Please Do Not Flush

Please Do Not Flush

An Indispensable Guide to Flushing

Even though a product may be small enough to flush, does not mean it should be. Flushing items down the toilet that are not meant to be flushed, including those labeled flushable, can lead to problems in the sewer system, at the wastewater treatment facility and for the environment.

This handy two-page infographic illustrates things never to flush!

Please Do Not Flush

An Indispensable Guide to Flushing

An Indispensable Guide to Flushing

Please do not flush

Here’s a problem that nobody wants to mess with, clogged toilets, backed up sewer systems, and the costly repairs to fix this stink.

ToiletWhile there are many obvious things not to flush down the toilet, an astonishing amount of non-flushable wipes, paper products, dental floss, and other dispensable hygiene products are flushed down toilets every day. This has contributed to cities and municipalities dealing with chronic clogged sewer systems and expensive wastewater treatment maintenance, not to mention homeowners who face the inconvenient problem of having a toilet back up in their home.

These raw sewage messes aren’t pretty and are not easy or inexpensive to fix.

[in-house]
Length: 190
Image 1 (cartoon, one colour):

Here’s the indispensable truth about what goes down the toilet.

manholeEven though many items can be flushed down the toilet, it’s misleading to believe that everything is ‘flushable’ and safe for our sewer systems and environment. The journey is just beginning when that swirling eddy of water makes everything in the toilet bowl disappear.

All the solids flushed down the toilet that don’t dissolve, eventually end up at a wastewater treatment facility. Traveling miles and miles through pipes underneath our streets and sidewalks, this raw sewage flows by gravity or with the help of pump stations towards a wastewater treatment facility. Most of this waste is taken care of, out of sight, by Municipalities who work every day to maintain this process.

However, the pump stations are periodically clogged by non-disposable waste that is flushed down the toilet. Products that are designated as ‘non-flushable’ are often made with plastic fibers and do not break down in wastewater systems. Even products that are labeled as ‘flushable’, do not easily disintegrate in water like toilet paper.

Wastewater Plant
Disposable wipes at a New York wastewater treatment plant. (New York City Department of Environment Protection)

For example, popular flushable personal care wipes (for both babies and adults) are marketed as a convenient, portable, and a hygienic way to keep clean. Manufacturers claim these flushable wipes are septic-safe or safe for sewer systems. The problem is these products take much longer to break down as compared to traditional toilet paper.